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Food for Thought: Making Time to Eat with Our Loved Ones

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Food for Thought: Making Time to Eat with Our Loved Ones

Oct 01, 2019 « Back to The Skinny

By: Registered Dietitian Nutritionist and Naturally Slim Instructor, Meridan Zerner

Doesn’t it seem like there’s always a day or a month to celebrate these days? From small observances like National Pancake Day to bigger things like National Nutrition Month (one of my favorites), there’s a celebration for just about everything!  

Some may simply be fun, while others have the potential to be educational and meaningful. October happens to be National Eat Better, Eat Together Month, which can give us a chance to sit down with our loved ones, slow down (one of your Naturally Slim principles), and connect over a flavorful meal.  

If either “I’m too busy” or “we’re too busy” pops into your mind, you’re not alone.  

So many of us have long work hours and/or commutes, unpredictable schedules, appointments, and our children's after school activities (like sports and homework) that take up a large part of our day. 

Plus, if you do have children, you know they can be hungry at different times. And if you’re a single parent doing it all, that can compound everything even more.  

But there are numerous benefits of sharing a meal with those close to us.

It can allow us to:

  • Connect and converse with one another—two essentials for both kids and parents
  • Meet our vital need for one-on-one attention—especially for couples 
  • Practice and model our Naturally Slim skills

And research shows us that:

  • Children who attend more family meals tend to consume more fruits, vegetables, milk, and dairy compared to those who attend fewer family meals.
  • Young adults who were raised eating regular family meals consume more vegetables, are better nourished and have lower rates of obesity. (The benefits of eating together can help young adults better their academic performance, too!)  
  • Eating together may even improve mental health. 

A couple enjoy a meal together.

Like I mentioned before, we’re all busy. But making time to sit down, connect, and enjoy one another’s company is SO important. Now, how do you do that?

        1. Put it on the calendar

Pick a time (or a few times) each week when everyone can attend. It doesn’t have to be dinner! It can be breakfast, brunch, lunch, or dinner during the week or on the weekend. If you can make it consistent, great. But if it needs to be different times each week, that is ok, too!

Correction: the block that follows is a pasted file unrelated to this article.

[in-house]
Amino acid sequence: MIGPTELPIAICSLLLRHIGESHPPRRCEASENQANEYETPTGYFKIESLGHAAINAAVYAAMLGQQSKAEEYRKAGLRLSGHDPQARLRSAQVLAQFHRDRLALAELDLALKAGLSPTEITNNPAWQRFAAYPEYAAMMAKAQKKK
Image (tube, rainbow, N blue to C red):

2. Pick a convenient location

To create a meaningful connection, you just have to be together—at home, at a restaurant, or somewhere else!'

        3. Keep it simple

You don’t have to cook a complex meal from scratch that takes lots of time and energy (unless you really enjoy that kind of thing). Enjoying a meal together can be as simple as getting drive-thru pickup, ordering pizza delivery, dining in a restaurant, or putting together a simple home-cooked meal (which can save you money).

Here are a few of our favorites quick and easy meals:

    • Spaghetti with frozen meatballs and a mini veggie tray
    • Rotisserie chicken with sweet potato fries and a microwaveable bag of veggies
    • Make your own burrito night: canned beans, tortillas, lettuce, salsa, cheese, and microwaveable rice 
    • Delivery pizza or fast food burger and a salad
    • Breakfast for dinner: scrambled eggs, frozen toaster waffles, and strawberries (or a fruit cup)

         4. Use your during-meal skills

When you sit down to eat, use your 10-5-10 timer, chew slowly, and in between bites, have great conversations with the people whose company you enjoy most!  

         5. Limit electronics

The goal is to slow down and spend time talking over a delicious meal, preferably without distractions. (Your 10-5-10 timer is ok!) Family meals consumed while distracted (watching television, taking phone calls, reading the mail) may actually increase food consumption. 

While children may not remember exactly what they ate, the memories of being together (without electronic interference) stay with them. (Distractions may be harder to avoid at a restaurant, but as always, we encourage you to do the best you can.)

         6. Spark conversation

Getting everyone to join in the conversation, especially if you have teens, can be a challenge.

Try asking everyone to write a fun question or two on scraps of paper. Put them all into a bowl and take turns picking a question. (Everyone at the table has to answer the question picked!) Keep going until your meal’s over.

This month, and every month, we encourage you to sit down with those close to you and share meals with each other.

The goal is a meal, any meal, anywhere—as long as you are together!